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Indus Holdings price target cut at Beacon, keeps “Buy” rating

Valens

Indus Beacon Securities analyst Doug Cooper is resetting his expectations with regards to California-based cannabis company Indus Holdings (Indus Holdings Stock Quote, Chart, News CSE:INDS), arguing in a Monday update to clients that Indus now offers a great risk-return proposition.

Vertically-integrated Indus debuted on the CSE one year ago but has been met with a cruel fate, as that’s just about when everything went south in the cannabis sector, both in Canada and the US. As a result, the stock went from C$16.00 last April to around the C$0.40-C$0.50 range where it’s been mostly trading since early February.

In his report, Cooper said the drop in value for Indus has not been undeserved in some respects but he suggested that by sticking with what it seems to do best —grow crowd favourite weed— INDS could prosper.

“Historically, successful companies establish a core competency in one area before moving on to another. For Indus, prior to its recent re-capitalization, the company was clearly trying to do too many things and not doing any of them particularly well. The exception was its home grown flower brand Cypress, which is currently the #6 brand in California according to BDS data (out of 300 brands in the state),” Cooper said.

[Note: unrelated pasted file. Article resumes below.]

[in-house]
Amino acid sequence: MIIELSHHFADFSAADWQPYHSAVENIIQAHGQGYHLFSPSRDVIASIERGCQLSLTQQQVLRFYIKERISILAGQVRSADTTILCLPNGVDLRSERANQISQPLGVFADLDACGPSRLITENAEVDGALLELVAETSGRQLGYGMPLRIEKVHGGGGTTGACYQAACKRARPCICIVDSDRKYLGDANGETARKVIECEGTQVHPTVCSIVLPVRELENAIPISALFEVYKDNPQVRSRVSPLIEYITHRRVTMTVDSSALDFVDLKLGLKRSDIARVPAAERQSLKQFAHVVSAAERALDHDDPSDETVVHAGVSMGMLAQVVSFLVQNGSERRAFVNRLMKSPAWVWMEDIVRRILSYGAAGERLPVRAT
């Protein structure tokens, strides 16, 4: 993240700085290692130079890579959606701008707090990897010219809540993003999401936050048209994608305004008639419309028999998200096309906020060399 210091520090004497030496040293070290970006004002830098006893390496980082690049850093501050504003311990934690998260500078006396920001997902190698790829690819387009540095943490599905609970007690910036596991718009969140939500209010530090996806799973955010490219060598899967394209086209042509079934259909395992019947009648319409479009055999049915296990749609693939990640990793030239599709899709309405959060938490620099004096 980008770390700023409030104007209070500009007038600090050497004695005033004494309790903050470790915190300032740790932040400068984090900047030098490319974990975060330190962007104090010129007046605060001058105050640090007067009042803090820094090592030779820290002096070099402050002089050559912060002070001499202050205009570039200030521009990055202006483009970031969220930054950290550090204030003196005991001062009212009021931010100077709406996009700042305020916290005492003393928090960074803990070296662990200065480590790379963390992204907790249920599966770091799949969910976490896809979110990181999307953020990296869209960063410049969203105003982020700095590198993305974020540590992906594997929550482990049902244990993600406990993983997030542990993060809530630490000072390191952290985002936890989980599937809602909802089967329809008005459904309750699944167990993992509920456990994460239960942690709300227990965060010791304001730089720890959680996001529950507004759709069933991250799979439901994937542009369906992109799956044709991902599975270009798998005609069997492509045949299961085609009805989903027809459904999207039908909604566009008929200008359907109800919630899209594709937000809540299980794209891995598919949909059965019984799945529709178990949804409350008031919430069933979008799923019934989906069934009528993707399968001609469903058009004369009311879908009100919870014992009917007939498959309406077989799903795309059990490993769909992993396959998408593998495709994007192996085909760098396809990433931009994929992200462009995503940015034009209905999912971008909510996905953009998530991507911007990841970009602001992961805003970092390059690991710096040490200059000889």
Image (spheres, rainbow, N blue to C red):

The turning point for Cooper was last month’s closing of a $15.1-million financing round which showed that at least some folks out there (namely, the two investment groups behind the financing, Merida Capital Partners and Geronimo Capital) think there’s promise in Indus. (All figures in US dollars except where noted otherwise.)

Indus

Specifically, Cooper pointed to three selling points: the pre-money value of the company which was less than the value of its fixed assets; the fact that Indus’s fixed assets and in particular its greenhouse needed minimal investment (about $4 million) to increase the company’s capacity to about 45,000 lbs; and that after paying its debt of $3.8 million, Indus is now left with a nice buffer to reach cash flow positive status, now expected by the second half of this year.

“If Indus can grow more cannabis (thanks to the $4-million investment for capacity expansion) that has the same attributes as its current crop (high THC, low retail price point), we believe it can sell significantly more. For reference, 45,000 lbs could generate $65 million in revenue and ~$21 million in EBITDA. This run-rate could be achieved by FY20 year-end. With a current EV of $40 million, the stock could be trading at 1.9x EBITDA. We believe this sets-up an excellent risk-return trade,” Cooper wrote.

With the update, Cooper has retained his “Buy” recommendation but dropped his target price from C$5.00 to C$2.50, which at press time represented a projected 12-month return of 317 per cent.

For his forecast, Cooper is calling for fiscal 2020 revenue and adjusted EBITDA of $36.9 million and negative $5.4 million, respectively, and for fiscal 2021 revenue and adjusted EBITDA of $76.7 million and $21.0 million, respectively.

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About The Author /

Jayson MacLean
Jayson is a writer, researcher and educator with a PhD in political philosophy from the University of Ottawa. His interests range from bioethics and innovations in the health sciences to governance, social justice and the history of ideas.

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